Virtually all speakers
get nervous before an important presentation...butterflies, trembling,
voice quavers (like Mr. Haney on Green Acres), shortness of breath,
sweaty palms, pacing/rocking, pocket-change-jingling, and so forth.
At a recent presentation to 300 strangers in San Diego, I started off
by reading from a sheet of paper and immediately discovered that my
hands were trembling. Solution? Calmly lay the paper on the speaker's
table and keep going...nobody will know!
arises from one of four sources, as discussed in The Speaker article
elsewhere on this site. There are a number of techniques you can use
to control your nervousness, though the best one is just getting more
and more experience until the speaking situation becomes more natural.
Even so, you will
most likely continue to experience some nervousness throughout your
career. Here are four things you can do, following an F.E.A.R. acronym:
in your message and be enthused about the opportunity to present it.
Don't anticipate the worst and go into it with the attitude that you
just want to get it over with. Try things like breathing exercises,
having a Hershey bar (one speaker swears by the soothing effect of chocolate!),
expending nervous energy by taking a quick walk, etc. Also, NEVER apologize
for being nervous or inexperienced...unless you tell your audience,
they will probably not know you're nervous.
early, walk around and view the room for the audience's perspective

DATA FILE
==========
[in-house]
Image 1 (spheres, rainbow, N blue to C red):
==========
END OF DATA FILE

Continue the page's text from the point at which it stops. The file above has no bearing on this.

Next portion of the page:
and from where you will be standing. Make sure the set-up is to your
satisfaction. Take control of the temperature, lights, noise, and other
environmental factors...it's YOUR show!
what they expect of you. Do you know? Do you know what every audience
expects? The answer is simple: something-anything-of value! It's amazing
how often most speakers fail to deliver on that simple demand. Also,
keep this in mind: the audience is on YOUR side. Have you ever gone
to a presentation hoping the speaker would be terrible? Of course not.
have to admit, I'm bad about this. Some speakers swear by videotaping
their practice sessions or speaking before a mirror. That's never worked
for me, but I wouldn't discourage you from trying it since I may be
an exception to the rule. The most important thing, though, is to know
your material...preparation, preparation, preparation. You can probably
reduce your nervousness by 75% just by being confident in your knowledge
of the subject matter and the general outline of your presentation.
And, while you're rehearsing, visualize success...imagine an attentive
audience, rousing applause, and throngs of people coming to you with
questions after you're through. It really works.
1999-2000 by William C. Wilson, Jr.
All Rights Reserved.